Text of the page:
Letters: August 2015


After reading the fire extinguisher article in the June 2015 issue of Aviation Consumer, I have some confusion about extinguisher size, partially because one photo example was apparently omitted from the article. I assume that a fire extinguisher with a “2BC” nomenclature in its model identification is two pounds of fire suppressant, and the “5” prefix indicates five pounds.

I have witnessed the aftermath of one crash—which was survived—and the fire extinguisher tore loose from its bracket and went through the windshield. That was a two-pound unit, so a five-pound unit would have about three times the energy (allowing for weight of the unit in addition to the suppressant.) The floor bracket won’t hold up to that, due to the limitations of the aircraft floor itself. It would require underfloor reinforcement and a much sturdier bracket than the one supplied with the fire extinguisher.

Another option would be to mount the fire extinguisher in front of all passengers, but I can’t do that on my Cessna 182. Mounting it on the floor between the seats is the only real option. The direction of travel of this eight-pound missile would depend on the angle of the crash, but having seen the one that went through the windshield, I am not comforted.

There are a lot more crashes than in-flight fires, so the larger extinguisher may or may not increase overall safety.

Second, while Halon is best, and what I have in my aircraft, worries about the corrosive effects are misplaced. Inflight fires are fortunately rare. If you survive one, having the aircraft totaled will seem like a pettifogging detail compared to being alive. I’ve actually used my extinguisher once, but it was in a post-crash fire of another aircraft; the two-pound Halon unit got the job done, but it was a small engine fire. I have a five-pound Halon unit from the 1950s in my office (it’s far out of its expiration date) which I’ve used on one tiny fire. It’s not considered legal by my local fire department, but it was much less messy and let me keep working after my dental assistant set the tray setup on fire (we use alcohol and a butane torch in root canals).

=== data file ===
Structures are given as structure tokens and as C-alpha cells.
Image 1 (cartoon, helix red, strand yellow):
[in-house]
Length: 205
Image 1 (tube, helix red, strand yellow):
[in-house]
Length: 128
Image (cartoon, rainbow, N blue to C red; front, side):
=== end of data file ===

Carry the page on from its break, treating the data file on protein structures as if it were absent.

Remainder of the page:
David Chuljian Port Townshend, Washington

As was pointed out in the article, the numeric rating preceding the letter(s) on a fire extinguisher is the size of the fire, in square feet, the unit should be able to extinguish. The weight of the extinguisher for a particular numeric rating depends on the chemical used.

In general, for any given fire, the amount of Halon necessary to extinguish it is about half of that of other chemicals, although that is changing as new Halon alternatives are approaching the effectiveness of Halon. If the weight of the overall extinguisher is a concern, buy Halon to get the most effectiveness for the least weight.

As crash survivors, we are quite aware of the damage that can be done by any unrestrained object in the cabin during even a relatively low-impact accident and strongly recommend that anything in the cabin heavier than a throw pillow be secured.


In a response to a letter from SkyVision’s Harry Sanders in the July 2015 issue of Aviation Consumer, you state the following about ADS-B installation requirements to meet the 2020 ADS-B Out mandate:

“That means AC 20-165A applies, providing guidance for the installation of ADS-B Out equipment. It requires airworthiness approval through type certification or the supplemental type certification (STC) process for an ADS-B Out system meeting the equipment requirements of 14 CFR 91.227.”

Since EAB (experimental amateur-built) aircraft do not have either type certificates or supplement type certificates, how do they go about meeting the ADS-B Out requirements?

Owen C. Baker via email

Good catch, Owen. Sanders noted that FAR 91.336 replaced FAR 91.225 (not requiring TSO’d ADS-B hardware for EAB and LSA) for exactly that reason. But the rules could be changing again.

According to Ric Peri from the Aircraft Electronics Association, the FAA currently has a new advisory circular in draft which is specific to installing mandate-compliant ADS-B Out equipment in EAB and LSA models. It is expected to be released later this summer. We’ll report on it after we read it.


On page 27 in the Mooney 231 Used Aircraft Guide (July 2015 Aviation Consumer) you published a file photo of a Mooney 300 Missile instead of a model 305 Rocket.

Unlike the Rocket mod for the turbo Mooney 231, the aftermarket Missile mod for the Mooney M20J (201) includes an IO-550-A5B engine, which is normally aspirated.

Rae Willis via email